It’s popular for offices and coworking spaces to say their environments, “facilitate relationships and foster community.” Why wouldn’t they promise these great things? The benefits said to come along with higher connection are hopeful: more collaboration between departments, faster innovation within teams, skill sharing, and a greater chance of employees creating friendships that keep them from leaving. If all these are the result of better human connection, how do we know these spaces are really cultivating it? And if they are, how can we make those spaces even better?
We know that if you want to design an office to hold more people, you add more desks or even floors. But if you want to design an office to create more connections, what do you add more of then?
Relationships 101: In order for people to connect in real life, they need to be in the same place at the same time. When two people are in close enough proximity, an opportunity to interact with each other presents itself.
People have opportunities to interact with one another every day: waiting for the train, sitting next to someone on an airplane, or at a communal dining table in a restaurant. These are all scenarios where simply standing or sitting next to someone creates an opportunity for them to casually interact.
So why call these situations “opportunities”? Well, just because these two people are close enough to interact with one another doesn’t mean they will, but without the opportunity, they definitely can’t interact.
Since you can’t force people to interact with each other, when you’re designing a space to be better at connecting people, all you can do is provide them with more opportunity to do so.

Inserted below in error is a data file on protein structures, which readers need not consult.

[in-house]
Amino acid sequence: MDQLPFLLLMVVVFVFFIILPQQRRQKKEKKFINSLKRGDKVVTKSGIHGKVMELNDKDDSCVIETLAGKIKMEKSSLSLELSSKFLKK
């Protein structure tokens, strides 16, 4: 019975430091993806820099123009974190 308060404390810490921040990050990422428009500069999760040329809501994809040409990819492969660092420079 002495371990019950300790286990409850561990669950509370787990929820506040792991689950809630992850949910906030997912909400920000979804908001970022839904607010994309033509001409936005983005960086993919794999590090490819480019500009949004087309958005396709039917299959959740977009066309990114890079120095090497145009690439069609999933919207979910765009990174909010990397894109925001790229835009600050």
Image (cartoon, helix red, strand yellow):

So how can a physical layout be the reason that two people end up being next to each other?
For a space to be responsible for having facilitated an opportunity for two people to interact, it must somehow increase the likelihood of two people ending up in close proximity to each other.
The simplest example of this can be seen below. If two random people walk in and want to sit down in the space on the left, the distance and orientation of the seats doesn’t create a natural opportunity for interaction. If however, they were to sit down in the space on the right, they would be close enough to interact with each other, and an Interaction Opportunity is created.
The layout of the space on the right creates the opportunity for two people to interact in a way that the layout of the space on the left does not.
As people tend to be in a single spot for a longer period of time when they are seated, having two of these frequently used spots next to one another, creates the container that provides people with the opportunity to interact.
This means that most of the Interaction Opportunities come from the relationship between seats, whether it’s two seats on a sofa, two desks next to each other, or a stool next to a coffee machine.
While these simple examples may seem obvious, if you want to improve how good a space is at creating connection, it’s important to distinguish between what is an interaction opportunity and what just looks like one.